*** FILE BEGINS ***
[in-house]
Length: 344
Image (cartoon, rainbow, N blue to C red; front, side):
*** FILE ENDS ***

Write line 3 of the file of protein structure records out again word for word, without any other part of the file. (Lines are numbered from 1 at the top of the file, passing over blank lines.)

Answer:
Image (cartoon, rainbow, N blue to C red; front, side):